The continuation of the state of Alaska's response to the public safety vacuum in rural and remote Alaska is literally a matter of life and death, and contradictory to an equitable society -- endangering the lives of Alaska Native and rural people at a significant moral and financial cost, at a time when the state can ill afford it. State officials say they want to reduce violence, suicide, alcohol/drug abuse, domestic violence and sexual assault in Alaska, including in our rural and remote communities, yet they do not provide adequate services or use the tools, potential partnerships and knowledge of the tribes to help address these issues through any and all means available.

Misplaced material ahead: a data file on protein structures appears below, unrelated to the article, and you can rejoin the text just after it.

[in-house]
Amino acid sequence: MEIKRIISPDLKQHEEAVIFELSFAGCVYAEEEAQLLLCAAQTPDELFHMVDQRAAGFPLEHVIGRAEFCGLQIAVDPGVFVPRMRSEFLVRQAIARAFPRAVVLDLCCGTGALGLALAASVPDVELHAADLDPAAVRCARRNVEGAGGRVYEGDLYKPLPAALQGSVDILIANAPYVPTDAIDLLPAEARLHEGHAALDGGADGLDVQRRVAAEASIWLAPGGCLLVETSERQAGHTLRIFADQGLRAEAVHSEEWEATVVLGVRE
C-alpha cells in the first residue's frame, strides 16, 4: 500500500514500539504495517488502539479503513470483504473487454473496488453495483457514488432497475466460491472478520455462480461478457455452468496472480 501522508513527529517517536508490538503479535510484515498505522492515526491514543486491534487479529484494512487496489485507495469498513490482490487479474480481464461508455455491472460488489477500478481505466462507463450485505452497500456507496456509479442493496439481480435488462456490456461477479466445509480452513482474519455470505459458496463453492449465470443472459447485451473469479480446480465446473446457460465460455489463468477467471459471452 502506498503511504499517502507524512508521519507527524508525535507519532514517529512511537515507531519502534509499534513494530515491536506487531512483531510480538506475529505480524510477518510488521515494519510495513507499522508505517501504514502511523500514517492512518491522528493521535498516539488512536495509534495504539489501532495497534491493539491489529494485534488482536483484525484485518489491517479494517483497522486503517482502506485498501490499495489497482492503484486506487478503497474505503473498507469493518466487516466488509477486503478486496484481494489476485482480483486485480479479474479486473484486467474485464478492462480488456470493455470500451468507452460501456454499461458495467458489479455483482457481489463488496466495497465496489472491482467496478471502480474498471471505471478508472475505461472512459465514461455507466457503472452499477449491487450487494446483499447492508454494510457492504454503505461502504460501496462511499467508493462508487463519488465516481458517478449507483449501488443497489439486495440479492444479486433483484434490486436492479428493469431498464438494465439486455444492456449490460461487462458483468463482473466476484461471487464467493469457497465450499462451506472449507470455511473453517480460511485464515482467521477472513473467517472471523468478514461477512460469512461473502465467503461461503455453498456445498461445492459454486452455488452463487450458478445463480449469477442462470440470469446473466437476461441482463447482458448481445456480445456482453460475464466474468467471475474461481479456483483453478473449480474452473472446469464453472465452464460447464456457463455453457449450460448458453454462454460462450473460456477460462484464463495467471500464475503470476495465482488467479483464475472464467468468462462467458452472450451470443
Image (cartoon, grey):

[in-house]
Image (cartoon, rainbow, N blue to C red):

Instead, we see state officials doing everything in their power at the top level of the state to actually fight the one thing that would position tribes to do something about these issues, by holding up the land-into-trust process in Alaska. Worse, as a result of this contradiction, state officials seem to expect: 1) Tribal communities to live without the same basic protections other Alaskans have, perpetuating political and racial inequality, 2) Tribes to provide certain governmental services on their own with little funding and no tax base, something the state cannot even do, or 3) The state prevents and actively works against tribes from helping themselves and assumes the responsibility for doing so with inadequate resources and a colonial mentality of ruling from afar. The fact is, the people in the villages and tribes are the ones with the most at stake in these communities, who are often doing more than humanly possible with little to no support to triage ineffective systems of public safety. That just won't do anymore.